Spring semester of my senior year in high school, when my friends and I were feeling daring we’d occasionally leave school for lunch. We only had 45 minutes so it had to be quick, and my school was in a remote area so there weren’t many dining options nearby. Though there was one restaurant that appealed to everyone—the local Grandy’s, which was only a short ride away.
If you’re not familiar with Grandy’s, it’s a fast-food joint that specializes in Southern cuisine classics. So if you’re looking for a quick chicken-fried steak along with biscuits and fried okra, Grandy’s is your place. Indeed, that’s what most of us ordered. But one friend, a gal who said she was watching her weight, always insisted on getting the chicken-fried chicken instead.
I hadn’t thought about those carefree days or chicken-fried chicken in years. But when someone asked me how I made mine, I realized it was a topic that needed visiting. Before we go any further, however, let me clarify one thing: chicken-fried chicken is not the same as fried chicken. Instead, it has more in common with chicken-fried steak. This is confusing, I know. Let me explain.
Two things differentiate fried chicken from chicken-fried chicken. First, fried chicken is bone-in chicken pieces from all parts of the bird that are coated in flour. Chicken-fried chicken, however, is a flattened chicken breast that is dredged in flour, then dunked into an egg and buttermilk wash, and then back into the flour again. The latter process being the same that is used to make chicken-fried steak, hence the name.
Of course, at this point, you could be wondering why chicken-fried steak has its particular name when you don’t fry it as you would fried chicken, with chicken-fried chicken's egg and buttermilk wash and all. Well, this is indeed something to ponder but I’ll let it sit for another day.
In any case, chicken-fried chicken is a large, thin slab of chicken breast that has a crisp coating on it, along with a healthy smothering of cream gravy. It is a glorious thing! Admittedly, I prefer dark meat. But a chicken breast is transformed when you salt it, batter it, fry it, and then drench it in gravy. What is often dry and chalky is now tender and palatable. Much like chicken-fried steak is a dish meant to rescue tough pieces of beef, I feel that chicken-fried chicken is there to make better the breast.
You see chicken-fried chicken all across Texas—from El Paso to Dallas. While I’m not sure how long it’s been around, the first printed citations I read were in the early 1970s in the Abilene area. This, of course, doesn’t prove its origins are in West Texas, but I could see that being the case. Clearly some chicken-fried chicken scholarship is in order!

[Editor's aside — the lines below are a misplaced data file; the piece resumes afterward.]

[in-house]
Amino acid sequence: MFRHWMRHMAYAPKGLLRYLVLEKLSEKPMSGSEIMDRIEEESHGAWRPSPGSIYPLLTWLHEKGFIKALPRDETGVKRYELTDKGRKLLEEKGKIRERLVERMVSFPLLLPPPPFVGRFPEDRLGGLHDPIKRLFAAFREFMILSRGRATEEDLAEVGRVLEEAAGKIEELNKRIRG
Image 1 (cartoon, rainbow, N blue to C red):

To serve chicken-fried chicken, most folks lay it on a platter with their favorite side dishes and a big bowl of gravy. Though you can also cut the breasts in half and fry smaller pieces, which then tuck quite nicely into warm, buttery biscuits. Any way you slice it, it’s hard to go wrong.
It's not difficult to make chicken-fried chicken, especially if you’ve already mastered chicken-fried steak. The hardest thing is being tolerant of the mess in your kitchen as I guarantee there will be flour, buttermilk, and grease all over the place. But that’s okay because once the chaos has settled you can sit down and enjoy your slab of warm and crisp chicken-fried chicken. And after one bite you will know that all is right with your world.
4 boneless, skinless chicken breasts (about 2 pounds)
1 1/2 cups flour
1/2 teaspoon kosher salt
1 teaspoon black pepper
1/4 teaspoon cayenne
1 cup buttermilk
Oil for frying
Cream gravy, for serving for serving
Pound the breasts until they are 1/4-inch thick.
Mix together the flour with the salt, black pepper, and cayenne and place on a plate. Whisk together the eggs with the buttermilk. Lightly sprinkle the breasts with salt and pepper then dredge each into the flour. Dip the flour-coated breasts into the eggs and then dredge in the flour again. Place the breaded chicken breasts on a sheet pan.
Heat up the oven to 200°F. In a large heavy skillet, such as a cast-iron skillet, on medium-high heat up an inch of oil to 350°F, about 5 minutes. If you don’t have a thermometer, you can test the temperature by sticking a wooden spoon into the oil. If it bubbles around the spoon, it should be ready for frying.
Working in batches, gently lower each breast into the oil and cook for 2 minutes per side, or until lightly browned, turning once. Drain on a paper towel and place in the oven while you fry the remaining breasts.
Serve with cream gravy.
Tuesday, March 11, 2014